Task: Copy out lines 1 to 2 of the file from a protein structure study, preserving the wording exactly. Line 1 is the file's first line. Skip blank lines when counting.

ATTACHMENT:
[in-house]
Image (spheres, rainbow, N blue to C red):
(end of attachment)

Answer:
[in-house]
Image (spheres, rainbow, N blue to C red):